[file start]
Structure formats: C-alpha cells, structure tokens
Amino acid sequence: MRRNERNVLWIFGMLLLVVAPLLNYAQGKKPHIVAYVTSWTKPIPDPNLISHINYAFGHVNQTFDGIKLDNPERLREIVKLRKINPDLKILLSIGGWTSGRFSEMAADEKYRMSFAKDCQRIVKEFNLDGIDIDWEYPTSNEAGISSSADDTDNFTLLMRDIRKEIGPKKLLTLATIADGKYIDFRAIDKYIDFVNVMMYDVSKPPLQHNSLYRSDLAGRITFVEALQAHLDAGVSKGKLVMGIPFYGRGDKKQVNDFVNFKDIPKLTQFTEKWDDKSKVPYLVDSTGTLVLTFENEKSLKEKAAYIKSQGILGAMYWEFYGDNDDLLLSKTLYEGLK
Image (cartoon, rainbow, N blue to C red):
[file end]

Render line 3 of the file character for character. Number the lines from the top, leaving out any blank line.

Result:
Image (cartoon, rainbow, N blue to C red):